Federal officials issued revised guidelines for nursing homes on Wednesday, saying people should now be allowed to visit residents indoors in most cases. The guidance, issued by the Centers for Medicare and Medicaid Services (CMS), would allow for visits regardless of the visitor or resident's vaccination status.
The guidance, which is effective immediately, says nursing homes should allow "visitation at all times and for all residents" in most situations. The only scenarios in which facilities should limit visitation are:
- When unvaccinated residents are in a facility where less than 70% of residents are fully vaccinated while the county is experiencing a COVID-19 positivity rate greater than 10%
- When unvaccinated or vaccinated residents are confirmed to be infected with COVID-19
- When unvaccinated or vaccinated residents are in quarantine
If a case of COVID-19 is identified, facilities should suspend visits until everyone in the facility, including staff, has been tested. Visits can be permitted even if there are outbreaks in facilities, so long as the cases are contained to "a single unit or separate area of the facility," the guidance says.
Nursing homes should not require that visitors be tested or show proof of testing prior to visitation, according to the guidelines, although it is still considered best practice to screen for signs and symptoms of the virus. The guidance encourages visitors to socially distance from residents — but noting that "there is no substitute for physical contact, such as the warm embrace between a resident and their loved one," the guidance says fully vaccinated residents can touch their visitors while wearing a mask and washing hands before and after.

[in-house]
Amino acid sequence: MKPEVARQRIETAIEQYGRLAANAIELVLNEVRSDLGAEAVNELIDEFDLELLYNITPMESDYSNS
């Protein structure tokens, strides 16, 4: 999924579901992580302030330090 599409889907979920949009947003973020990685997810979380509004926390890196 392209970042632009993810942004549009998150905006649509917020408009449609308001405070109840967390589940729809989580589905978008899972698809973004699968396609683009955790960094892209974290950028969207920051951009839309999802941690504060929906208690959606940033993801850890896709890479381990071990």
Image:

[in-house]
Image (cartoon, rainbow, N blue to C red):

"Compassionate care" visits, which are conducted when residents have sharply declining health or are experiencing a significant change in their situation, should be allowed at all times, the guidance says. The guidance states that these visits should be allowed "regardless of a resident's vaccination status, the county's COVID-19 positivity rate, or an outbreak."
Dr. Lee Fleisher, CMS Chief Medical Officer and director of CMS' Center for Clinical Standards and Quality, said in a statement that prolonged isolation has taken a "psychological, emotional and physical toll" on nursing home residents and their families.
"That is why, now that millions of vaccines have been administered to nursing home residents and staff, and the number of COVID cases in nursing homes has dropped significantly, CMS is updating its visitation guidance to bring more families together safely," Fleisher said. "This is an important step that we are taking, as we continue to emphasize the importance of maintaining infection prevention practices, given the continued risk of transmission of COVID-19."
Despite the new guidance, CMS said in a press release that all facilities and individuals should continue adhering to the "core principles" of mitigating the spread of COVID-19, including social distancing and holding outdoor visits when possible.
At least 639,658 nursing home residents in the U.S. have contracted COVID-19 since the pandemic began, and more than 130,000 have died, according to CMS. Nursing homes in Texas and California have seen the most cases.
While the number of weekly cases and deaths in nursing homes has declined since the end of December, there are still hundreds of new cases reported each week. During the week of February 21, the last published data by CMS, there were more than 1,900 cases of nursing home resident infections and 976 nursing home residents died. That same week, there were more than 2,500 COVID-19 infections among staff, and 29 people died.
More than 29 million people have contracted COVID-19 nationwide, and more than 529,000 people have died, according to Johns Hopkins University.
The new guidance comes as President Biden said the administration will purchase 100 million more doses of Johnson and Johnson's coronavirus vaccine, the third and most recent vaccine to hit the U.S. market. As of Wednesday, more than 95.7 million vaccine doses have been administered in the U.S., according to the CDC, and nearly 33 million people are fully vaccinated, including 16.8 million people who are 65 years of age or older.